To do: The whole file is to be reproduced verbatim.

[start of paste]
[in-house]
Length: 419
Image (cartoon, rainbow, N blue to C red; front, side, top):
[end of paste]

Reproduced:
[in-house]
Length: 419
Image (cartoon, rainbow, N blue to C red; front, side, top):